The evolution of interstellar clouds in a streaming hot plasma including heat conduction*
Institute of Astronomy, University of Vienna, Türkenschanzstr. 17, 1180 Vienna, Austria e-mail: email@example.com
2 Christoph-Probst-Gymnasium, Talhofstr. 7, 82205 Gilching, Germany
Accepted: 13 October 2006
Context.The interstellar medium contains warm clouds that are embedded in a hot dilute gas produced by supernovae. Because both gas phases are in contact, an interface forms where mass and energy are exchanged. Whether heat conduction leads to evaporation of these clouds or whether condensation dominates has been analytically derived. Both phases behave differently dynamically so that their relative motion has to be taken into account.
Aims.Real clouds in static conditions that experience saturated heat conduction are stabilized against evaporation if self-gravity and cooling play a role. Here, we investigte to what extent heat conduction can hamper the dynamical disruption of clouds embedded in a streaming hot plasma.
Methods.To examine the evolution of giant molecular clouds in the stream of a hot plasma we performed two-dimensional hydrodynamical simulations that take full account of self-gravity, heating and cooling effects and heat conduction by electrons. We use the thermal conductivity of a fully ionized hydrogen plasma proposed by Spitzer and a saturated heat flux according to Cowie & McKee in regions where the mean free path of the electrons is large compared to the temperature scaleheight.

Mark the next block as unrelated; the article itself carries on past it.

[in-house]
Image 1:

Results.Significant structural and evolutionary differences occur between simulations with and without heat conduction. Dense clouds in pure dynamical models experience dynamical destruction by Kelvin-Helmholtz (KH) instability. In static models heat conduction leads to evaporation of such clouds. Heat conduction acting on clouds in a gas stream smooths out steep temperature and density gradients at the edge of the cloud because the conduction timescale is shorter than the cooling timescale. This diminishes the velocity gradient between the streaming plasma and the cloud, so that the timescale for the onset of KH instabilities increases, and the surface of the cloud becomes less susceptible to KH instabilities. The stabilisation effect of heat conduction against KH instability is more pronounced for smaller and less massive clouds. As in the static case more realistic cloud conditions allow heat conduction to transfer hot material onto the cloud's surface and to mix the accreted gas deeper into the cloud.
Conclusions.In contrast to pure dynamical models of clouds in a plasma and to analytical considerations of heat conduction that can evaporate such clouds embedded in a hot plasma, our realistic numerical simulations demonstrate that this destructive effect of KH instability is significantly slowed by heat conduction so that clouds can survive their passage through hot gas.
Key words: ISM: clouds / conduction / hydrodynamics / instabilities
© ESO, 2007